Free Yourself From Food Stress: How to know what, when, and how much to eat

Below is a worksheet written by Michelle Morand from the Cedric Centre for Counselling that I think might interest anyone who wants to know how to Free Yourself From Food Stress: How to know what, when, and how much to eat.

Its very step by step so I think you might like it. So, give this a try. And if you get stuck and want a hand, call me (250-216-9422) or email me @ . I’m here to help either online via Skype, Facetime or Google Hangout, or in person at my office in downtown Victoria BC.

Remember though, the key to using food to cope less is to be getting your needs met. If you have lots of things stressing you out it means that you have lots of needs that aren’t being met. You are a human being who deserves to have all of her needs met. It’s not selfish or greedy to answer your needs:

This is how folks who don’t stress about food or weight naturally think when it comes to food, without even realizing it. And you’re going to learn how to do it too!

I suggest you print this out or carry it with you on your device (pretty much all of us have them by now) and read it over every day if you want to move through this quickly. Read it over whenever you think about eating if you want to move through this at lightning speed.

It is very common for people who practice this to notice an immediate sense of peace within and a rapid weight loss in the first week, while not dieting at all and instead eating what they really want.

How to get back to normal eating! A.K.A. How to decide when I need to eat, what I should have, and how much to have:

This is your handy handout for how to get back to normal around food. Print me out, carry me with you, refer to me often for a little while and before you know it you’ll be naturally just eating when you’re hungry, stopping when you’re full, relaxing about your choices, trusting yourself around food and naturally looking fantastic without even trying.

First off:

1. When you’re thinking about eating, always ask yourself:

Am I truly, physically hungry?

2. And wait 3 full seconds….one thousand…two thousand…three thousand…for a response from your senses.

If you don’t wait the 3 seconds you’re instinctive brain will take over and you’ll hear whatever you want to hear in that moment. (Usually something like: ‘I don’t fricken care! I just want food!! I’ll check in later….really….’ – An irrational thought that we do not want to let go unexplored.)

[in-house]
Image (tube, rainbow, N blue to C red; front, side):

Waiting that 3 full seconds and connecting to how your body is really feeling allows your frontal cortex to engage and for you to be tuned in to whether you are truly hungry or not. This prepares you well to feel good about eating (if you’re hungry) or to feel open to exploring what’s going on if you’re not.

3. Remember, if you have to wonder if you’re hungry or not i.e. Your answer is ‘I’m not sure,’ you’re not hungry.

If this is the case, this is when you need to pick up your pen and paper/hop on your computer and write out a list of stressors exercise (a Cedric tool for understanding and finding ways to meet your needs –  ask yourself, what was I just telling myself and then what does that mean for me) to explore what’s making you feel overwhelmed and think irrationally at that moment. If you feel resistance to doing this, grab some food and your pen and paper. Don’t try to force it, just let yourself have what you need and add the writing/exploration. Overall you’ll eat less and you’ll learn something that will lead to the change you seek.)

4. If I am hungry – regardless of what time it is or when I’m next going to eat – I am going to have something to eat right now. How much and what I have will be determined by your answers to the following questions.

 a.       How hungry am I? (On a scale of 1 – 10; 10 being ravenous, ready to eat that horse and 1 being not at all hungry, comfortably full in fact – where would I place my hunger level right now? **Your answer to question plus the answer to questions b&c will help you decide how much food to have now.**)
b.      How long will it likely be between now and my next meal?
c.       What am I going to be doing between now and then; how physically active will I be?
d.      How do I want to feel after I finish eating now? How do I want to feel later today? Tomorrow                       morning?

5.      Based on the my answers to these questions: What would I really like to have that would also give me enough sustenance until my next meal and leave me feeling the way I want to feel now and tomorrow?

6.      Enjoy – food is meant to be fun and tasty, not stressful. If you follow these steps you’ll have more confidence in your choices and be able to enjoy your food more. (You’ll eat less too!)

Two other questions that you may resonate with: If you like, feel free to ask these in lieu of / or as well as the ones above.

1. Is this choice going to help me get where I want to go/do what I need to do today?

2. How will this choice set me up for the attainment of my long term goals re. health and fitness?

Give this a try and don’t worry if it takes some practice.

Hugs, Dawn

This entry was posted in Anorexia, Anxiety, Binge Eating, Bulimia, depression, dieting, eating disorders, Eating Disorders / Food and Body Image, Night Eating, Orthorexia, Overeating, Overexercise, Self-Esteem, Stress, trauma, Uncategorized and tagged , , , , , , , , , , , , , , , . Bookmark the permalink.

Comments are closed.